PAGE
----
The first afternoon she saw him, the kid asked Canada what the tattoo on her wrist said. Men were always asking that, especially in Boston. At least this time he hadn’t touched her. And she had smiled accommodatingly, told him about it, asked him jokingly if he liked 19th century Jesuit poetry. I do! Enough to have it stabbed into my body with a vibrating needle. She laughed to carry off this entirely weird thing to say and he laughed, also, and his laughter and his capris made her feel safe.

 

He said, Oh, you must be some kind of literary person, and she said, yes, I study literature, what do you do, and he said, Econ. And she said, Ew.

 

And he said, I did my undergrad at Harvard and now I’m at MIT for a PhD in Economics. And she was tempted to say Ew again but didn’t. His voice was very deep and she wondered where its deepness came from. She’d observed his junk, when they all bent forward with their legs spread and grabbed their ankles and everyone’s ass or clam or testes were briefly at eye-level with whoever happened to be right in front of or behind them. The kid’s testes were so tiny. Was there a reverse correlation, after all, between deepness of voice and testicle size?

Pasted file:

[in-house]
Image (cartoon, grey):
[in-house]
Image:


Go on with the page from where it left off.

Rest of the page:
So your subject area is poetry? he’d said again, his basso profundo modulating with that rising intonation that she – despite her advanced age and her many years of education – still associated with girls.

  

Oh, yeah, whatever, she said. English literature. She didn’t tell him that she no longer liked English literature, or anything, like every other graduate student she knew. The black lung of graduate school is depression, someone had once tweeted, and she’d tweeted back I like this tweet so much I want to stress eat it. At the time she had been stress eating, and stress drinking, and stress-forgetting-to-get-out-of-bed-in-the-morning and breaking out periodically in stressed-induced hives and swollen lips and eyelids, though the Internet informed her that the hives – urticaria and angioedema were the medical names – could have been an increasing allergy to alcohol, her body’s protests at her repeated attempts to poison it.